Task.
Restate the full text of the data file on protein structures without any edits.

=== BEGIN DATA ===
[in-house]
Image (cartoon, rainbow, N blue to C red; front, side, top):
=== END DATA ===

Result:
[in-house]
Image (cartoon, rainbow, N blue to C red; front, side, top):